Summer is here, the sun is shining, and The Giving USA 2014 report has been released. Just like in previous years, it’s a great resource for both charities and corporations, full of timely research on charitable giving in the United States put together by the Indiana University Lilly Family School of Philanthropy. We had a chance to dig through it and found it informative as always. We’ve pulled out a few choice stats from the Giving USA 2014 report that piqued our interest – with some observations on what we think they say about the giving landscape, and the opportunities they suggest for companies looking to ramp up their corporate giving programs.
All stats: Giving USA 2014: The Annual Report on Philanthropy for the Year 2013
Overall Giving is Up
Overall giving in the United States was up in 2013 to $335.17 billion, a 4.4% increase from 2012, marking the fourth straight year of increased giving. Individuals are primarily driving this increase, making up 72% of overall giving. These individuals are giving to an increasing number of charities, causes and issues. Per-capita giving by US adults reached $1,016 and average US household giving reached $2,974.
Corporate Giving is Down (Slightly)
It may be a common misconception that corporations represent the ‘big money’ in nonprofit fundraising. In fact, corporations contribute the smallest share of overall giving year after year, contributing $17.88 billion in 2013, or only about 5% of total giving– which is down 1.9% from the previous year.
As the expectations of consumers and employees increase, we think that companies have an opportunity to do more – to give more in general (5% is a pretty small piece of the pie) and to do it in smart, effective ways that help them make bigger impacts in the community while meeting their business goals. And Doing Well By Doing Good is not just a tagline; in 2013, 89% of Americans were at least somewhat likely to switch brands based on their support of social causes, compared to 80% in 2010 and 66% in 1993. There is a business opportunity as well.
What’s going to turn the trend around?
At Benevity, we’re always telling people that open choice is key when it comes to healthy, impactful workplace giving and employee gift matching program, and the GivingUSA 2014 report backs that up. Donors have a strong preference for supporting their favorite charity, giving an average of 67% of their total contributions to their top organization. And the majority of donors – 78% – gave to more than one charity.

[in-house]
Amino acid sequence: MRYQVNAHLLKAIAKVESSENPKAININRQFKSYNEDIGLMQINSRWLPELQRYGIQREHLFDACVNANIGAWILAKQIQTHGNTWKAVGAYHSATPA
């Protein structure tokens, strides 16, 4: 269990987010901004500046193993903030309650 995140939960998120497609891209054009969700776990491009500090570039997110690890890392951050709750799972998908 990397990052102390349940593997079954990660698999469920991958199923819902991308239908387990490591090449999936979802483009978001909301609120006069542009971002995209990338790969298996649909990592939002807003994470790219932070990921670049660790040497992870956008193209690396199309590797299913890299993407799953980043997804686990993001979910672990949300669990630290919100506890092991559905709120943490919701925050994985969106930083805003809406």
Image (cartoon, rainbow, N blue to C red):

Companies can tap into the individual enthusiasm that is growing charitable giving in the bigger picture by offering programs that recognize and fulfill those preferences around choice, options, and impact. People want to give – they’re already doing it in terrific numbers on their own. Companies can make a greater impact by matching those gifts and providing the types of donation currency incentives that increase involvement and impact. A robust employee gift matching program built around open, year-round charitable choice, and year-round workplace giving opportunities that empower people to support the causes they love (with money and/or time) will encourage them to bring their passion for giving back into the workplace. By supporting those passions – and matching more of the gifts their teams are making – companies can give back in increasing amounts, make more of a difference, and connect with their employees for lasting, positive engagement. There are not many ways to ensure that people gain a sense of meaning and purpose from their work; employee giving and volunteering is key!
More Promising Trends
Online Giving is Increasing
Online giving is growing in popularity and in availability (which we love to hear!) but in the bigger picture, it’s still only a small portion of total overall giving. In 2013, less than 10% of total giving was made online (a 13.5% increase from 2012) and most nonprofits continue to rely on traditional engagement of donors, with a full 79% still being contacted by mail. That means that there is more than $300 billion being processed manually by more than 1.2 million charities. Can you imagine what that is costing? Companies need to promote aggretation and automation efficiencies and help their donors understand the true costs of charitable giving.
Volunteers are Great Givers!
We’ve always been stressing the importance of volunteering, saying that it makes people more likely to give – twice as likely in fact! In 2013, 79% of volunteers gave to charity, compared to only 40% of non-volunteers. Working a healthy volunteering option into your workplace giving program will make it easy for your people to give their time and get engaged by pursuing their passions. Reward them for their efforts with donation currency that is redeemable for charitable gifts and give them the opportunity to combine their awesome volunteering and giving power.
We encourage everyone to check out the full Giving USA 2014 report – it’s full of great stuff and a lot of insights.